Tuesday, March 6, 2012

The Beige Book: Manufacturing

The Beige Book is one of my favorite economic documents because it provides near real time information on the economy.  It also allows us the opportunity to look at the entire economy on a regular basis.  Last week, the Fed issued the latest BB.  As I really haven't had the opportunity to look at the whole economy in some time, this publishing is fortuitous.

From the BB:
Manufacturing has continued to increase across all twelve Federal Reserve Districts since the previous report. Most Districts reported gains in new orders, shipments, or production. Contacts reported increased capital spending in the Boston, Richmond, Chicago, Kansas City, St. Louis, Minneapolis, and Dallas Districts; contacts in Philadelphia and Cleveland also anticipate higher capital spending. Manufacturing contacts in San Francisco also continued to invest in information technology equipment. Auto-related manufacturers in the Richmond, Atlanta, St. Louis, and Minneapolis Districts reported increased activity and announced plans to expand operations and open new plants. Primary metal manufacturing showed strong growth in the Philadelphia, St. Louis, and Dallas Districts. Fabricated metal manufacturing increased in the Richmond, Kansas City, and Dallas Districts but was essentially flat in the San Francisco District. Steel producers reported that shipping volume was trending higher in the Cleveland District and specialty metal contacts reported solid order bookings in the Chicago District. In contrast to the many positive reports, contacts in some Districts reported plans to decrease operations and close plants. Contacts in chemical and paper product manufacturing in the St. Louis District reported plans to close plants and lay off workers, while manufacturers of household goods and building materials reported soft demand on average in the Chicago District. Manufacturing contacts in the Boston, Philadelphia, and Cleveland Districts expressed concern about the risks posed by the situation in Europe.

Let's look at the "big" picture:

Overall industrial production continues to move higher.  Notice the nice, continual upward trend to this statistic since the collapse in mid-2009.

I've printed the entire series of capacity utilization to short that this statistic has moved above lows from the previous  recession and continues to move higher.

The preceding charts show that on a macro-scale, manufacturing is doing well.  Let's look at some of its subparts:

Industrial production for business equipment is at or just above higher from the previous  expansion.

Durable goods manufacturing also continues its rebound from the recession.

Non-durable goods, however, area languishing.  I'm betting that a fair amount of this is due to the fact that non-durable manufacturing has moved out of the country into other areas with cheaper labor.

The above two graphs are of durable goods on a long-term and short-term time horizon.  We see that the long-term trend line is mirroring the last expansion, while the short-term trend (the lower chart) shows a continual increase as well.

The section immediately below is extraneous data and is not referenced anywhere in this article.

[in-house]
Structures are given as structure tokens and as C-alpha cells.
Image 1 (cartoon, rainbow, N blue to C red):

The ISM overall index flirted with contraction at the end of last year, but stayed just above the 50 line.  Over the last 4 months it has moved a bit higher, but is still low by comparison to levels we saw earlier in the expansion. 

The new orders index did show contraction at the end of last year for three months.  It has since risen as well, but it is also at lower levels than we saw at the beginning of the expansion.

Finally, consider these anecdotal points from the latest ISM report:
  • "Business is holding steady. Concern over commodity prices ongoing." (Chemical Products)
  • "Still somewhat cautious about recovery. Expecting a good year, but not seeing orders yet." (Machinery)
  • "Demand remains consistent to strong on all levels." (Paper Products)
  • "Demand from auto makers is getting stronger." (Fabricated Metal Products)
  • "Manufacturing is busy. Spending money on new equipment to accommodate customer demands. Material prices are staying in check." (Food, Beverage & Tobacco Products)
  • "There seems to be a much more positive outlook for the economy. Customers are ordering material for stock rather than just working hand-to-mouth." (Fabricated Metal Products)
  • "Global GDP softening and beginning to impact the demand chain." (Computer & Electronic Products)
  • "Production is busy — several new large projects." (Primary Metals)
  • "Customers [are] lowering inventory levels, anticipating price decrease due to third-party published reports on materials." (Plastics & Metal Products)
  • "We are optimistic about the U.S. market this year, a little hesitant about what may happen in Europe and unsure about China." (Transportation Equipment)
  • "Shipments are increasing over last year. Waiting to see if the trend continues." (Wood Products)
Overall, the comments are bullish.

The conclusion from the above charts is clear: manufacturing, with the exception of non-durable manufacturing, is doing well.